The crew of Discovery made a valiant attempt today to revive a Navy satellite adrift in orbit but failed to bring it to life despite repeated nudges by their only available salvage instrument, a makeshift extension of the shuttle's 50-foot mechanical arm.

While flight directors held out some hope for a future effort to retrieve the satellite -- insured for $85 million -- none was optimistic about bringing back a craft loaded with six tons of rocket fuel.

It was the danger posed by the fuel that led flight directors to order the Discovery crew to give up and back away from the satellite.

"The window is closed," astronaut David Hilmers told the crew from Mission Control in Houston. "Perform the separation maneuver."

For a few minutes the astronauts seemed reluctant to quit, but they finally yielded and Discovery's daring and unplanned rescue mission was over.

"You guys did everything you could," Hilmers said. "It was a great job, a great try."

Almost as a reward for the exhausting three days that Discovery's crew put in trying to pull off the unplanned rescue mission, flight directors tonight gave them the option of landing back at Florida's Kennedy Space Center on either Thursday or Friday morning.

"We consider the mission over," Hilmers said to the crew. "It wouldn't bother us if you prefer to land on Friday."

Replied Commander Karol J. Bobko: "We'd just as soon stay up an extra day."

"We're giving you the choice."

"We'll stay up."

Until the last few minutes, this morning's rescue mission had proceeded flawlessly. In a matchless display of flying skill, Bobko and Pilot Donald E. Williams brought the 100-ton spaceliner so close to the spinning 7 1/2-ton satellite that television viewers could see Earth's clouds reflected in the satellite's shiny metal skin.

Again and again, astronaut Margaret Rhea Seddon moved a set of makeshift extensions fastened to the robot arm onto an arming lever suspected to be the culprit in the satellite's failure to move out of the orbit it has been drifting in since Saturday.

Nothing worked. Twice, Seddon appeared to snare the arming lever hard enough to trigger a response, but nothing happened. Once, the arm put a strong enough hold on the lever to slow the satellite's spin, but still nothing happened.

Flight directors and mission managers at Houston's Johnson Space Center had decided in advance to limit Discovery to a six-minute attempt on a single orbital path if the robot arm made any solid contact with the satellite. Their ruling was made with crew safety in mind since the stranded satellite's fuel tanks could ignite on any disturbance.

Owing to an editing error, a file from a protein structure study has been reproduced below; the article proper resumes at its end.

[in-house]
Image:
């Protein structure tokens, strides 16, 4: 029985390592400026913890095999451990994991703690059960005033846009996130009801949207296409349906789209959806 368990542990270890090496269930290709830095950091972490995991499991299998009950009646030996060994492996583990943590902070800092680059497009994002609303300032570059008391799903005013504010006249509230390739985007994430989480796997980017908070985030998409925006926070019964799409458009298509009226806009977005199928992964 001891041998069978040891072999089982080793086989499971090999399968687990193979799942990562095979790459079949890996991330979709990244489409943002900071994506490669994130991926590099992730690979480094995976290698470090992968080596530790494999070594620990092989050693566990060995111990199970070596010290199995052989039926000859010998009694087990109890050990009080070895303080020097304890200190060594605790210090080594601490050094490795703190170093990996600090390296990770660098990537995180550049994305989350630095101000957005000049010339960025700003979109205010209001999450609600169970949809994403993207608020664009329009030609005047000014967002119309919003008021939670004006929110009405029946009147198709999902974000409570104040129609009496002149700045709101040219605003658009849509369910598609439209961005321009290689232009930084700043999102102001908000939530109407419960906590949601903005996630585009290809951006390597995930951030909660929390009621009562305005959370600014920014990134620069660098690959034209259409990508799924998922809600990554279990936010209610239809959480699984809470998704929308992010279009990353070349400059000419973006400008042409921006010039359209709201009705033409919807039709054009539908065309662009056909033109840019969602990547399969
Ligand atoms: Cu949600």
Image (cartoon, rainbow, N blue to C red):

"We think we made hard contact on at least two occasions," Bobko said.

"We broke the rungs on the swatter the arm extension looks like a fly swatter , and we hit it hard with the base of the cone," he added.

"We concur," Hilmers said. "It was a great effort."

Bobko made one last plea, asking Hilmers if ground control wanted him to stay close enough to the satellite to see if its clock might start, its antennas unfurl, its spin speed up and its engine fire.

"Negative," Hilmers replied. "That isn't necessary. It doesn't look like it's going to do anything."

With that, flight directors called off the salvage attempt and ordered the crew to back away to a safe distance from the satellite.

Seeming disappointed and a little disheartened, the flight directors on the ground tried to put the best face on today's events.

"This team's been under a lot of tension the last few days," flight director Randy Stone said, "but I just want to say I'm extremely proud to be part of a team that took on such an enormous task."

No one was optimistic about recovering the satellite on a future mission. "The question is can you make those two motors on the satellite safe," flight director Jay Greene said. "I think there are possibilities, but I think it's premature to discuss these possibilities."

Steven Dorfman, president of Hughes Communications Corp., which owns the Navy-leased satellite, went a little further than Greene.

Hughes almost lost two other communications satellites last year when engines built by McDonnell Douglas failed to fire, but in November a shuttle crew retrieved them in orbit and brought them home for repair.

"There are more problems associated with this recovery than the last one," Dorfman said. "These problems the loaded fuel tanks may make it impractical to recover this satellite."

If recovery turns out to be impractical and unsafe, the Navy satellite will remain adrift in an egg-shaped orbit for the next few years before the high point of its orbit -- now 270 miles -- begins to decay. The satellite finally will fall out of orbit and burn up in Earth's atmosphere in what could be a spectacular show of "fireworks."

"There's no reason to expect there will be anything hazardous about the reentry of this satellite," Greene said. "There's no danger to anybody on Earth from this satellite."

Dorfman said the stranded satellite is insured for $85 million with Merrett Syndicates Ltd. of London and International Technology Underwriters of Washington, the underwriters that insured the Westar VI and Palapa B satellites that Hughes almost lost in orbit last year.

"The insurance money is part of a policy that covers four of these satellites," Dorfman said.

"We have two in orbit now and must put two more in orbit to fulfill our contract with the Navy. The $85 million covers the successful launch of a fifth satellite if one should fail," he added.